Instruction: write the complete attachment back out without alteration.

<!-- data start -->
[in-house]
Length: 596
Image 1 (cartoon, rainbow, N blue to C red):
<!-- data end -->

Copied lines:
[in-house]
Length: 596
Image 1 (cartoon, rainbow, N blue to C red):